How History Has Shaped The Culture Of The Bahamas Today

The Bahamas are likely the first land seen by Christopher Columbus when he inadvertently arrived in the New World. Since then, English settlements have grown and the culture of the Bahamas has evolved.

Political Peace: Stable Government and Economy

The Bahamas, under British control since 1670, became an official colony of the crown in 1718 after piracy, as well as Spanish and Dutch interests, threatened the stability of the settlement. After over 300 years of English rule, the Bahamas gained independence from Great Britain, becoming a sovereign nation in 1973. The nation had voted democratically and peacefully for over 100 years before this symbolic event.
The islands of the Bahamas have benefited from many American struggles. British loyalist colonists escaped to the island chain (many with slaves) after the American Revolution, which helped to grow the population.
During the American Civil War, nearly 100 years later, the islands became a supply base for the Confederacy. And in the 20th century, Prohibition in the United States brought an economic boom to the Bahamas, where alcohol, particularly rum, was readily available.
Today, offshore finance and tourism fuel the economy.

Historical Sites to Visit While Living in the Bahamas

Retirees will have plenty of exploring to do on the islands of the Bahamas, especially if they are interested in history. Many landmarks and natural sites exists almost unchanged on the islands today.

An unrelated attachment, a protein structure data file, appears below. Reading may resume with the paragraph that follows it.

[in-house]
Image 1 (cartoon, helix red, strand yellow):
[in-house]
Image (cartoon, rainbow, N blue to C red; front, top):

• Fort Fincastle: Found in Nassau, this fort was built by Lord Dunmore in 1793. It offers panoramic ocean views.
  • The Caves of New Providence: Less than seven miles from downtown Nassau are the Caves, one of the most fascinating relics of the cultural and geological history of the Bahamas. Natives on the island, the Lucayans, likely inhabited the Caves, and it’s said that Blackbeard and other pirates stored their stolen goods there.
  • The Queen’s Staircase: These 65 steps were carved out of solid limestone by slaves between 1793 and 1794. This site is one of the most-visited attractions in Nassau because of its remarkable construction.

Bahamian Culture: English Influence Over Language and Cuisine

Puritans from England first arrived in the Bahamas in the 1640s, nearly 150 years after Christopher Columbus first made landfall in the New World on the Bahamian island of San Salvador.
The English came in search of religious freedom. Today, English remains the official language of the islands, but many residents speak an English-based creole, often referred to as Bahamian English. The cuisine in the Bahamas also still bears the mark of British influence, especially foods like meat pies, stews and bread.